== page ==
Istanbul’s mayor was already a foe of the government’s controversial plans to build a $11.3-billion ship canal to link the Sea of Marmara and Black Sea. But the recent opening of bids for preparatory work during the COVID-19 pandemic raised his ire a notch.
Mayor Ekrem İmamoğlu tweeted his disapproval of bids to relocate two bridges in the 45-kilometer-long canal’s path, roughly parallel to the Bosporus, while “fifty thousand families” are pleading for financial help. İmamoğlu is reportedly behind a recent legal attempt to overrule government approval for the project's environmental impact statement. The move is one of various efforts by critics to scrap President Recep Tayyip Erdoğan’s canal plan.
Increasing congestion in the Bosporus, which is the main shipping route for Black Sea states, is the motivating factor behind the canal scheme. In the 1930s, around 3,000 ships, generally 50-m-long, would transit the Bosporus annually. Last year, 43,000 vessels seven times longer on average made the trip, according to government data. Annual transits are forecast to reach 78,000 by 2050 and 86,000 in 2070.
The planned canal would be excavated roughly 30 km west of the Bosporus. Its southern entrance would be in Küçükçekmece Lake exiting into the Black Sea at Karaburun west of Istanbul's third airport by way of the Sazlıdere reservoir.
The plan calls for more than 1 billion cu m of excavation in an environmentally sensitive area that also provides Istanbul with a major water source. It has stirred significant opposition. Because of the Bosporus’s unique position, the canal project also poses potentially serious geopolitical challenges, according to some critics.
Ship movements through the Bosporus are governed by an international treaty called the Montreux Straits Convention, signed by Turkey and other powers in 1936. Essentially, the convention ensures the free movement of commercial ships through the waterway while setting limits on warships of non-Black Sea states.
Since the government asserts that the canal would not be covered by the convention, “what would be Turkey's response if the United States decided to send military vessels to the Black Sea above the limits set by the Montreux Convention and asks for Ankara to agree to send them through the [canal]?” asked former minister Yaşar Yakış, a founding member of Erdoğan's Justice and Development party (AKP).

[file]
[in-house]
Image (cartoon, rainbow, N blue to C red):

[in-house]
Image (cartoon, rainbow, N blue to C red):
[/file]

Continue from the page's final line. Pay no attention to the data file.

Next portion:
The Montreux convention also poses potential economic threat to the canal, according to Sinan Ülgen, executive chairman of Istanbul-based think tank EDAM. Since the convention stops Turkey from charging for merchant ship access to the Bosporus, "the new canal can only generate revenues if shipping companies use it—and why would they, while the Bosporus passage remains free?" he asks.
To charge for Bosporus transits, Turkey would need to amend the convention. To do that it, would need approval from at least seven of the 10 states that are party to the convention, says Ülgen.
Despite these doubts, the government seems to be already banking on future canal revenues. Transportation Minister Cahit Turhan recently told state-run Anadolu Agency that “an estimated total of $1 billion per year will be collected from ships passing through Canal Istanbul.” Revenues would rise to $5 billion when canal traffic rises to 50,000 vessels a year in 2035, he projected.
President Erdoğan launched his canal project nine years ago, setting off a series of studies and route evaluations. Of five potential paths for the canal, the government selected the 45-km Küçükçekmece-Sazlıdere-Durusu corridor. With a base width of 275 m, the 20.75-m-deep canal would generate 1.17 billion cu m of excavated material, of which 80% could be used as fill, estimates the government.
Detailed design and construction would probably be under a public-private partnership, take seven years and involve 10,000 workers. The canal could open in 2026, according to the government. But in an early step, it is procuring the small bridge relocation contract that so angered Istanbul's mayor.